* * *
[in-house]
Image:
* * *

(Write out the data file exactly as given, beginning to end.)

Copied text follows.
[in-house]
Image: